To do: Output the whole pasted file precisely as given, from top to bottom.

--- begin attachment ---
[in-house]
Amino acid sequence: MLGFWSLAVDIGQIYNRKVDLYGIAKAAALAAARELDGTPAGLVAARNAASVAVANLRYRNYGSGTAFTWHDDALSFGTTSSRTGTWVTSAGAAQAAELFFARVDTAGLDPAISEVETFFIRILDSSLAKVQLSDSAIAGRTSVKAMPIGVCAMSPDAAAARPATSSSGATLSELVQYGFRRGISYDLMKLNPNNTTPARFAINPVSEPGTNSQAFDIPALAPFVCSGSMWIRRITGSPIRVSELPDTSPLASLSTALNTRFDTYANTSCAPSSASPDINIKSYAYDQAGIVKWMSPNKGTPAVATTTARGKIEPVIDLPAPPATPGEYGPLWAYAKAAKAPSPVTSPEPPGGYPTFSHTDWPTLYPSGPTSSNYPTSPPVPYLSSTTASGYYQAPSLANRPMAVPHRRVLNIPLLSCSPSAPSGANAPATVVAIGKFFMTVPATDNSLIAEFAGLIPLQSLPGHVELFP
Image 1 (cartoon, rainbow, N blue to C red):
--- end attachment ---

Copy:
[in-house]
Amino acid sequence: MLGFWSLAVDIGQIYNRKVDLYGIAKAAALAAARELDGTPAGLVAARNAASVAVANLRYRNYGSGTAFTWHDDALSFGTTSSRTGTWVTSAGAAQAAELFFARVDTAGLDPAISEVETFFIRILDSSLAKVQLSDSAIAGRTSVKAMPIGVCAMSPDAAAARPATSSSGATLSELVQYGFRRGISYDLMKLNPNNTTPARFAINPVSEPGTNSQAFDIPALAPFVCSGSMWIRRITGSPIRVSELPDTSPLASLSTALNTRFDTYANTSCAPSSASPDINIKSYAYDQAGIVKWMSPNKGTPAVATTTARGKIEPVIDLPAPPATPGEYGPLWAYAKAAKAPSPVTSPEPPGGYPTFSHTDWPTLYPSGPTSSNYPTSPPVPYLSSTTASGYYQAPSLANRPMAVPHRRVLNIPLLSCSPSAPSGANAPATVVAIGKFFMTVPATDNSLIAEFAGLIPLQSLPGHVELFP
Image 1 (cartoon, rainbow, N blue to C red):